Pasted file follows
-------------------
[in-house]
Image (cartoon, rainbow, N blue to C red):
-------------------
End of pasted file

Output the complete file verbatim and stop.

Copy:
[in-house]
Image (cartoon, rainbow, N blue to C red):